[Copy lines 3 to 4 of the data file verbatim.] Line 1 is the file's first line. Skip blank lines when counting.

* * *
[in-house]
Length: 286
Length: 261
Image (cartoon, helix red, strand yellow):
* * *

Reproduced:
Length: 261
Image (cartoon, helix red, strand yellow):